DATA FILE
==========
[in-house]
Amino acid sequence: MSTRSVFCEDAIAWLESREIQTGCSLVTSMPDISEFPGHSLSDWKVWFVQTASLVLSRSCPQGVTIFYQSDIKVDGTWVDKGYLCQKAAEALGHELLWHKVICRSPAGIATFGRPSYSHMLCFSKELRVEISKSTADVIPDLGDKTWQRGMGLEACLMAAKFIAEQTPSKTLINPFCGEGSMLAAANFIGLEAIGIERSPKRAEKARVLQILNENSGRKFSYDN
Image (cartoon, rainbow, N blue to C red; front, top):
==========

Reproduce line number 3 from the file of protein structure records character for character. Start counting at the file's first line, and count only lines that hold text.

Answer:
Image (cartoon, rainbow, N blue to C red; front, top):